In a 2012 post entitled Low pay driving job vacancies I posited that the reason manufacturers had a shortage of skilled trades workers was low pay, not a skills shortage. That post featured a New York Times Magazine article by Adam Davidson entitled Skills don’t pay the bills. Davidson wrote:
The secret behind this skills gap is that it’s not a skills gap at all. I spoke to several other factory managers who also confessed that they had a hard time recruiting in-demand workers for $10-an-hour jobs. “It’s hard not to break out laughing,” says Mark Price, a labor economist at the Keystone Research Center, referring to manufacturers complaining about the shortage of skilled workers. “If there’s a skill shortage, there has to be rises in wages,” he says. “It’s basic economics.” After all, according to supply and demand, a shortage of workers with valuable skills should push wages up. Yet according to the Bureau of Labor Statistics, the number of skilled jobs has fallen and so have their wages.
In a recent study, the Boston Consulting Group noted that, outside a few small cities that rely on the oil industry, there weren’t many places where manufacturing wages were going up and employers still couldn’t find enough workers. “Trying to hire high-skilled workers at rock-bottom rates,” the Boston Group study asserted, “is not a skills gap.” The study’s conclusion, however, was scarier. Many skilled workers have simply chosen to apply their skills elsewhere rather than work for less, and few young people choose to invest in training for jobs that pay fast-food wages.
This, of course, is what most of learned in introductory economics. That, except in the rare case when you run out of a natural resource, market economies cannot have structural supply/demand imbalances. That price is what brings the two into balance. In labor markets wages and benefits (and to some degree working conditions) are the price. So that the way to deal with too few skilled trades workers is to raise wages.
Nearly a decade later Michigan manufacturers are still complaining there is a shortage of skilled trades workers. To determine whether those are now high-paid blue collar manufacturing jobs, I looked at the May 2020 Michigan occupation and wage estimates for production occupations from the Bureau of Labor Statistics. I looked at the average yearly wage and used the University of Michigan RSQE $47,000 middle class household of three threshold.
First the big picture. Contrary to conventional wisdom, blue collar manufacturing jobs are no longer high paying. The May 2020 average wage for Michigan’s 3,924,000 payroll jobs was $53,390. For the 399,000 production (blue collar manufacturing) jobs the average pay was $42,470. So blue collar manufacturing jobs were ten percent of all Michigan payroll jobs and their average wage was 80 percent of the statewide average.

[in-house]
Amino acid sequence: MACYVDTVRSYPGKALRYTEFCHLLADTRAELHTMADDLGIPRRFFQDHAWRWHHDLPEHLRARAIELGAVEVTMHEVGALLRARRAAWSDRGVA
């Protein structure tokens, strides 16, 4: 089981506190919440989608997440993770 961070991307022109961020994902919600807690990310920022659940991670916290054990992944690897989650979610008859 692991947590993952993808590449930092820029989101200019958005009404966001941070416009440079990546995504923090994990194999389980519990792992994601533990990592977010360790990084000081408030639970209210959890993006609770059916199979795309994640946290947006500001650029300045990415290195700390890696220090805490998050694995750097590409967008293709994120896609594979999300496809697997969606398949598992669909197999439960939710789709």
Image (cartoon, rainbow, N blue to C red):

More specifically, here are the production occupations with an average yearly wage of $47,000 and above and how many people they employed.
- Engine and other machine assemblers: $53,690, 7,850 workers
- Model makers, metal and plastic: $68,510, 600 workers
- Model makers, wood: $69,280, 50 workers
- Pattern makers, metal and plastic: $57,250, 270 workers
- Tool and die makers: $57,040, 9,910 workers
- Layout workers, metal and plastic: $50,830, 80 workers
- Chemical plant & system operators: $58,110, 100 workers
- Chemical equipment operators and tenders: $57,630, 4,780 workers
- Computer numerically controlled tool programmers: $55,300, 2,120 workers
- Furnace, kiln, oven, drier and kettle operators and tenders: $47,080, 1,010 workers
- Jewelers and precious stone and metal workers: $51,370, 480 workers
- Stationary engineers and boiler operators: $65,160, 510 workers
That is it! 12 occupations. Totaling 27,760 jobs. 27,760 is less than one percent of all Michigan payroll jobs.
Given all the attention it gets it is worth noting that welders are not on the list. The average wage for May 2020 Michigan welders was $42,370.
The occupation list does not include production occupations in utility plants and oil and natural gas extraction, which most of us would not think of as manufacturing. The data are for 40 hours a week, 52 weeks a year. So it does not include overtime pay or bonuses.
The evidence continues to make a strong case that if there is a structural shortages of manufacturing skilled trades workers the prime cause is low pay and benefits and unattractive working conditions. That the primary answer to this chronic labor shortage is market based: employers increasing price and improving working conditions.